There's something about turning off my internal dialogue, and listening to 12-Step wisdom, while I work upon creating something, whether that be with fabric, or paint and paper, which allows me to let go of all of the day's happenings, and just be, with pure enjoyment in the feeling.

I've always done something creative, I made stained glass for 20-odd years, until I felt I'd reached a point where I'd challenged myself as far as I could in that medium, and then I turned back to an old love - painting.

I chose watercolor because it's a fiendishly difficult medium to master, and I wanted the challenge. It definitely gives me that, but it also gives me a peaceful feeling of nearness to my Higher Power, and serenity. I'm grateful to have been given artistic ability, because it has always been a source of such delight and satisfaction.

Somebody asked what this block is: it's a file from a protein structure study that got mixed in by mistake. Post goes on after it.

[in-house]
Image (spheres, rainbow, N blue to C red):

I'm thrilled to have moved through my grief to the point that my creative side is awake again, and wanting expression. Life moves on, and when we move with it, instead of hanging on tightly to the past, closing our eyes, and clutching at our feelings of justified anger, we are granted the lovely peace of being in a state of grace.

I spoke to a sponsee from the last city in which I lived today - we've kept in touch and I adore her. She's a brave, intelligent, witty, lovable woman, and I feel so blessed to know her. Life is good.

Friday, March 15, 2013

A Misty Morning

This was written yesterday, but I forgot to hit "publish" when finished.